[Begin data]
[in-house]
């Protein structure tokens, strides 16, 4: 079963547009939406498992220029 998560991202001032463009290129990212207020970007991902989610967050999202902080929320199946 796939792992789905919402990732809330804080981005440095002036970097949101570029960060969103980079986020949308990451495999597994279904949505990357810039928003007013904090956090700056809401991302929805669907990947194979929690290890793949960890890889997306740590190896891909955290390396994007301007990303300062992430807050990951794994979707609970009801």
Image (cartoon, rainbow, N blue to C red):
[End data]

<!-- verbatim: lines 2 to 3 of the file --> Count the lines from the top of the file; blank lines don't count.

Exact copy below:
């Protein structure tokens, strides 16, 4: 079963547009939406498992220029 998560991202001032463009290129990212207020970007991902989610967050999202902080929320199946 796939792992789905919402990732809330804080981005440095002036970097949101570029960060969103980079986020949308990451495999597994279904949505990357810039928003007013904090956090700056809401991302929805669907990947194979929690290890793949960890890889997306740590190896891909955290390396994007301007990303300062992430807050990951794994979707609970009801």
Image (cartoon, rainbow, N blue to C red):